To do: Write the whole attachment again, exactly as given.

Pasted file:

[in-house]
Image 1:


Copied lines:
[in-house]
Image 1: